The run down from the final jump at Aintree to the finish line always looks like a long distance on the TV.
Well, you want to be on one of the runners and see how long it feels – it’s twice as long!
It’s generally the tone and roar of the crowd that gives you a clue about how you’re doing.
But it can be confusing as well. You can think there’s something coming.
When I won on Hedgehunter back in 2005 and I got to the elbow and looked like winning. The crowd then exploded, and I thought there was something coming.
But there wasn’t – they were just delighted because the favourite was going to win!
Nowadays you can use the big screens to help you. I was able to do that a little bit on Hedgehunter.
But on Papillon when he won back in 2000 there were very few screens. There’s way more now.
It also used to be louder back then too. There was a crowd at Beecher’s and a crowd at the Canal Turn too – actual spectators with stands.
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They are not there now, as they’re all on the run to the first fence instead in the extra stands.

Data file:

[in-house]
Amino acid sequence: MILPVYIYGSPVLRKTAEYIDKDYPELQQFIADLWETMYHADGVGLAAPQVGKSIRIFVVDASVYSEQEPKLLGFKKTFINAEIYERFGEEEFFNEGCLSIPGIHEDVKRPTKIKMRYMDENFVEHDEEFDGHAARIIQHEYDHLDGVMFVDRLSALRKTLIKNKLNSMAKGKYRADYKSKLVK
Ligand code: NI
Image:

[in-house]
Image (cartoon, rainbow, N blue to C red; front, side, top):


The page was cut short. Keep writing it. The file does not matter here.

It has changed in that sense. Now it actually gets quite quiet when you jump the third fence until you come back to the second last.
But in those days you went from noise to quiet, noise to quiet. But it’s still the case now that when you got into the home straight or jump the last fence, it’s very hard to hear horses coming behind you.
You can forget tactics a little bit too. Horses either take to Aintree or don’t.
It’s very hard in a four-mile or so to judge the pace. You just have to your best to get the horse as comfortable as possible.
It’s best just to keep your ride in its comfort zone and keep him there for as long as possible.
FROM PADDY POWER’S RACING ICONS DOCUMENTARY WITH RUBY…
- I took Annie Power home for the summer… and horse joined our family BBQs!
- My biggest Cheltenham regret and one race I’d love to have a second chance at
- Ruby’s hilarious story about dad Ted’s terrible medical advice after nasty leg break